UN report: Climate models show Earth blowing past Paris targets

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(From L-R)Ethiopian Prime Minister Haile Mariam Dessalegn, Guinean President Alpha Conde, Benin President Thomas Boni Yayi, French President Francois Hollande, Gabon President Ali Bongo and Ghana President John Dramani Mahama hold a press conference following a lunch at the Elysee Palace to honor the African presidents involved in sustainable development regarding the COP21 in Paris, France, Nov.10, 2015. The 2015 United Nations Climate Change Conference (COP 21) will take place from Nov. 30 to Dec. 11 in Paris, with the objective is to achieve a legally binding and universal agreement on climate change. (Xinhua/Theo Duval)
(From L-R)Ethiopian Prime Minister Haile Mariam Dessalegn, Guinean President Alpha Conde, Benin President Thomas Boni Yayi, French President Francois Hollande, Gabon President Ali Bongo and Ghana President John Dramani Mahama hold a press conference following a lunch at the Elysee Palace to honor the African presidents involved in sustainable development regarding the COP21 in Paris, France, Nov.10, 2015. The 2015 United Nations Climate Change Conference (COP 21) will take place from Nov. 30 to Dec. 11 in Paris, with the objective is to achieve a legally binding and universal agreement on climate change. (Xinhua/Theo Duval)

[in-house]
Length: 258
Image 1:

The increase in the global average temperature will exceed the threshold laid out in the Paris Agreement “unless deep reductions in carbon dioxide and other greenhouse gas emissions occur in the coming decades,” a major UN climate report projected.

In the 2015 Paris climate accord, nations set a target of staying below 2 degrees Celsius, and preferably to 1.5 degrees, above pre-industrial levels.

If not, the consensus is that extreme weather, including droughts and flooding, will become even more common, sea levels will rise, Arctic ice will diminish, and many plants and animals will be unable to adapt.

The report issued by the the Intergovernmental Panel on Climate Change (IPCC) suggested limiting the temperature rise to those levels would require urgent, and drastic, action.

“Global surface temperature will continue to increase until at least the mid-century under all emissions scenarios considered,” the IPCC wrote, referring to new climate model simulations that evaluate the impact of various rates of future annual emissions, from very high to very low.

Under the very highest emissions scenario, the global temperature was modelled to rise as much as 5.7 degrees by the end of the century. Under the very lowest emissions scenario the number could be kept to between 1 and 1.8 degrees by 2100 compared to pre-industrial levels.

“Global warming of 1.5 degrees Celsius and 2 degrees Celsius will be exceeded during the 21st century unless deep reductions in CO2 and other greenhouse gas emissions occur in the coming decades,” the scientists wrote.

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